Girl, 7, ejected from moving car mother charged ANNE ARUNDEL COUNTY

April 07, 1993|By Peter Hermann | Peter Hermann,Staff Writer

Seven-year-old Mandy Candella's wish to stay with her grandparents Monday left her bruised and bloodied and her mother accused of shoving the young girl out of a moving car.

Donna Marie Candella, 26, of Pasadena was charged yesterday with assault with intent to murder and child abuse. She is being held without bail in the Anne Arundel County Detention Center until psychological testing can be completed.

A witness who scooped the youngster off Fort Smallwood Road and delivered her to her grandmother's arms said she saw Mandy "launched" from a car moving at 25 mph. Another daughter, Ashley, 5, was driven home several hours later by a friend.

"Ashley liked to go with mommy [to her boyfriend's]," said Florence Humphreys, Ms. Candella's mother. "But Mandy liked to come home to her grandmother's. Mandy likes to come home, and that is why my daughter got angry."

The Humphreys, Ms. Candella and her two children share a small, single-family home in the 8800 block of Fort Smallwood Road.

Yesterday, Mandy kept to herself on a living room couch, unimpressed by the steady stream of reporters and TV crews that kept arriving. She was tired and wanted to sleep.

Mandy, who had bruises and a large scrape on her forehead, said she was scared for her mother.

"She was drinking Thursday and Friday and Saturday and Sunday and Monday," Mandy said, methodically counting off the days on her fingers. "Five days." Court documents said Ms. Candella has a severe drinking problem.

Mrs. Humphreys said her daughter would frequently drink before picking up Mandy and Ashley from Jacobsville Elementary in Pasadena. Mrs. Humphreys said her daughter usually took the girls to Brooklyn, where she would visit and drink with her boyfriend until 7 p.m. or 8 p.m.

Police said Ms. Candella appeared "to be highly intoxicated" at the time of her arrest and she admitted to detectives that she had consumed a six-pack of beer that evening, though it was unclear if that was before or after the alleged assault.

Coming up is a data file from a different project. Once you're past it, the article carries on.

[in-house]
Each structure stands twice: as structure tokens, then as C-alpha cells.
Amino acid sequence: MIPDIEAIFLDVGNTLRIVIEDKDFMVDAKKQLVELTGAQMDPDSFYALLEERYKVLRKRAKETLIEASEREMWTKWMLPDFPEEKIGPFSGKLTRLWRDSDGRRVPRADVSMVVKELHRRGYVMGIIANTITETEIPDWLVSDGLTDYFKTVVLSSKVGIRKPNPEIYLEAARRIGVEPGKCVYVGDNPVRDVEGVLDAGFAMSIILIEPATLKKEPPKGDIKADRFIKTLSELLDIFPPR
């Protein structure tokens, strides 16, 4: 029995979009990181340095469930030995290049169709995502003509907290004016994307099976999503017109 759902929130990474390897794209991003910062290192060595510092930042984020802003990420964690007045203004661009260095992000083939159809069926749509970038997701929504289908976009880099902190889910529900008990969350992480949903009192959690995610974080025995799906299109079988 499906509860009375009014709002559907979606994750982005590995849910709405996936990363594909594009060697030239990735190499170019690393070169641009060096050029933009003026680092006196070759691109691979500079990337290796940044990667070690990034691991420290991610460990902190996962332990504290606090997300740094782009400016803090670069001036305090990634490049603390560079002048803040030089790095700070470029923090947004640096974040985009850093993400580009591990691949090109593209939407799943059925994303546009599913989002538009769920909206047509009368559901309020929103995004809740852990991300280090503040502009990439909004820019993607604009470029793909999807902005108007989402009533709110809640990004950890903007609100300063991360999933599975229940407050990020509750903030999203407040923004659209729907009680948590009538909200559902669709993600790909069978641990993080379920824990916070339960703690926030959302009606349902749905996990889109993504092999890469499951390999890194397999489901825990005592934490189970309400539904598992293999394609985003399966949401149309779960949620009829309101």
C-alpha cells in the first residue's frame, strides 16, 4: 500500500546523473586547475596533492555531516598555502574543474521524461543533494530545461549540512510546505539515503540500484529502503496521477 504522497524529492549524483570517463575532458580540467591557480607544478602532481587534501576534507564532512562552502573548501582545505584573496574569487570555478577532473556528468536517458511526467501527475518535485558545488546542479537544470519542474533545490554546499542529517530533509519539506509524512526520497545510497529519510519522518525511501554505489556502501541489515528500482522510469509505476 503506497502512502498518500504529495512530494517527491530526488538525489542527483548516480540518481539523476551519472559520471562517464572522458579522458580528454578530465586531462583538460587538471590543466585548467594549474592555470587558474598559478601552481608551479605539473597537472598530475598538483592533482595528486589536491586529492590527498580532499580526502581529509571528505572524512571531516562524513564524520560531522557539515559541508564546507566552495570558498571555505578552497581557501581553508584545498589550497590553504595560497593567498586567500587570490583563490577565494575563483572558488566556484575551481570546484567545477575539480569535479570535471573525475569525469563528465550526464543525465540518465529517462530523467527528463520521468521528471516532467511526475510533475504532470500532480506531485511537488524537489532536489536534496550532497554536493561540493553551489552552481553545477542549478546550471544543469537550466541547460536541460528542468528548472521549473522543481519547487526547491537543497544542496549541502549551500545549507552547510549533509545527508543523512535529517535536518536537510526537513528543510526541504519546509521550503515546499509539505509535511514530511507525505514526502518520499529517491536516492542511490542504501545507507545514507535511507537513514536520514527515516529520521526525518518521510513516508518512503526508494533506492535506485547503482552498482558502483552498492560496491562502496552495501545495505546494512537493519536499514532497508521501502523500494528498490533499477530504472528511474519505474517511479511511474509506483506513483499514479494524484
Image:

Court documents say Ms. Candella said Mandy "jumped out of the car" as she passed their home.

During a short bail review hearing in District Court in Annapolis yesterday, Ms. Candella told a judge she would seek alcohol and drug treatment to avoid losing custody of her children.

"I'll help myself if that's what I have to do," Ms. Candella told Judge Clayton Greene Jr.

Ms. Candella also was charged with reckless endangerment and maiming with malicious injury. If convicted, she faces 65 years in prison.

Once in the car on Monday afternoon, Mandy said she was scared and asked to be let out. "Mommy told me to open the door and she pushed me out," the girl told police, court documents said.

Mandy said she crawled onto a sidewalk to avoid being struck by passing cars. A witness, Linda Ann McMillion, said she stopped, ran to the girl, picked her up and carried her to the closest home. Mrs. Humphreys opened the door.

"I was just lying on the couch," the grandmother recalled yesterday. "This lady was banging the door asking about this child. I said, 'Oh my God.' The woman said, 'This child is hurt and you have to get her help.' "

Mrs. Humphreys said her daughter had returned from Brooklyn and was going to turn herself in to police when she was arrested in her driveway about 10 p.m. -- roughly seven hours after the incident.

The Humphreys said their daughter often drove with her children in the car after drinking.

"Mandy kept telling her about drugs but it was no good," said Robert Neal Humphreys. Numerous school books with titles such as "Growing Up Drug Free" were scattered on tables in the home.

Baltimore Sun Articles
Please note the green-lined linked article text has been applied commercially without any involvement from our newsroom editors, reporters or any other editorial staff.